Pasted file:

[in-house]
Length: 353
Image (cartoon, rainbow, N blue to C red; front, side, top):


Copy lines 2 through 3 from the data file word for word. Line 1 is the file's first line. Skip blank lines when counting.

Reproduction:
Length: 353
Image (cartoon, rainbow, N blue to C red; front, side, top):